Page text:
Medical Device Sales Careers
Take a stroll through any hospital and look at the incredible number and variations of devices you see. During your next doctor's office visit, try to count how many medical devices you pass on your walk from the waiting room to the examination room.
When you're done counting, realize that every device that you saw, counted, wondered if it is going to be used on you and then questioned about its purpose, came to its location as the result of a sale taking place. And unless people stop getting sick, old or injured, those sales will continue well into the future.
1099 or W2
The number of medical device manufacturers is enormous. Some manufacture just one specific device and some manufacture hundreds of devices. There are those who design, build and sell multimillion-dollar pieces of equipment, and others make medical-grade cotton swabs. The variations are seemingly endless as are the ways their sales professionals earn their income. In general, sales reps who sell medical devices are either independent sales professionals or full-time, W2-receiving employees. For those interested in starting a career in medical device sales, expect to find a fairly even split between those positions that are 1099 based and those that require that you are a company employee.
Unless you are only comfortable working with a commission plan that includes a combination of salary and commissions, your main focus should be on finding a company that pays a high percentage of commissions, based on either gross profit or number of devices sold.
Manufacturer's or Distributors
When looking for a sales career in the medical device industry, your search will be focused on either working directly for the manufacturer or a distributor. Both have advantages and benefits, and both have potential drawbacks.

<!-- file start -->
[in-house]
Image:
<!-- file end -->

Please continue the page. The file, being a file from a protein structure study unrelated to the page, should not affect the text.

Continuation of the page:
Working for a Manufacturer
The main benefit of working directly for a medical device manufacturer is pricing. Since the company makes whatever device you are selling, they have the greatest flexibility in pricing. Another advantage is direct name branding. Let's say that you have a job selling MRI machines that are made by XYZ corporation and you are involved in a competitive sales cycle at a large hospital. Your competitor is also selling the same MRI machine, manufactured by your company, but they work for a distributor. Not only will you be able to get more aggressive with pricing support levels, but since you represent the manufacturing company, the decision makers at the hospital will, most likely, feel more comfortable buying from you than from your competitor.
There are several disadvantages to consider as well. The main being your limited portfolio of products. Distributors usually have more than one line that they represent, allowing them to match their proposed product to a customer's needs better.
Working for a Distributor
Distributors have arrangements, usually with several manufacturers, to sell their products. Depending on their commitment levels, they receive pricing support levels which allow them to sell the device for a profit. Typical support levels range from 10% to 40% discounted pricing. What this means is that a registered distributor can buy a device from a manufacturer for 10, 20, 30 or 40% less than the published MSRP (Manufacturer's Suggested Retail Price.)
Most distributors expect to earn their profit not on the sales of devices but on value-added services. Installation or inventory management are two common value-adds that bring profit to distributors. As a sales rep working for a distributor, you should make sure that you can earn commission on both the sale of the device as well as on any additional services sold. If not, you'll need to determine if the market to which you will be selling will support margin levels that are high enough for you to earn the income that you desire.
You will also need to determine how many competitors, including the possibility of competing against manufacturer reps, that you will be competing against.
Lastly, it is important to understand how many different manufacturers you will be representing and how many different devices you will be able to sell. More is not necessarily better, but more is better than not enough! No matter how many you sell, you need to be the subject matter expert on the device or devices you sell. If you sell a product you're not very familiar with, you probably won't sell many devices!